Now that conventional non-insured mortgages will have to undergo a 2% stress test to qualify starting Jan 1 / 2018, it has also had a negative effect on existing mortgage holders having the opportunity to get better interest rates at renewal time. See the below summary from Michael Campbell from the Verico Group!
In the tug of war between affordability and protecting the banks, and as the new stress test rules remind us, the government has come down clearly on the side of the banks,” says Michael Campbell.
“Remember the good old days when only insured mortgages were subject to the stress test – as you know, now it’s everybody. Effective January 1st, 2018, everyone will be subject to the new rule that dictates that anyone applying for a mortgage, even those that require an uninsured (80% LTV [loan-to-value ratio] or less) mortgage, must qualify under one of the following rules, whichever is higher:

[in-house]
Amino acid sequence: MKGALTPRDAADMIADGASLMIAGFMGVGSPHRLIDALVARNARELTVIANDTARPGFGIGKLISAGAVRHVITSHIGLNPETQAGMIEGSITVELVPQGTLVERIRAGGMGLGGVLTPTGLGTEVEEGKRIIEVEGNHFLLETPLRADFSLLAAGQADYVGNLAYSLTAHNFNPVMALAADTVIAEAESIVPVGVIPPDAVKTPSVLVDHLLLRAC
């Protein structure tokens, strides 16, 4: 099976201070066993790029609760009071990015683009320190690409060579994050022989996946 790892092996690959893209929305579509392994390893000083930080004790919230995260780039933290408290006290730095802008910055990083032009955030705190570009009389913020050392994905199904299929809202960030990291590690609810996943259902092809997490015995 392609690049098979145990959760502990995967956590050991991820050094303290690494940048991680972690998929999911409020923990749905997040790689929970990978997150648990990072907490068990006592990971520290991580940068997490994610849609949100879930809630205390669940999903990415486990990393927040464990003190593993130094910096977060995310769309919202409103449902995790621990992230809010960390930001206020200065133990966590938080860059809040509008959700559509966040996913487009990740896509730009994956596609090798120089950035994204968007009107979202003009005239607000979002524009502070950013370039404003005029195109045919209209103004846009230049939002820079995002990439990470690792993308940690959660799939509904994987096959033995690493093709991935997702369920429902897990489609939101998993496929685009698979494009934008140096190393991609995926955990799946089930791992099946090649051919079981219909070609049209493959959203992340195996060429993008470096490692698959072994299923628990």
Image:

- as if the rate was 2% higher than the “contract rate” or,
- using the Bank of Canada “Benchmark Rate”
“That is unless they are borrowing from a credit union. In a twist that has not been explained, credit union mortgage applicants are not subject to the new stress test rules.”
“The banks are going to be especially happy with the provision that dictates that those people who are renewing their mortgage will not be subject to the stress test as long as they stay with their current lending institution. However, if they want to transfer their mortgage at renewal to a different lender (i.e. they found a better rate elsewhere), excluding the credit union, they will now be subject to the new stress rules, no matter what their LTV (loan-to-value) is. Banks will no longer need to match rates with other institutions for existing customers.”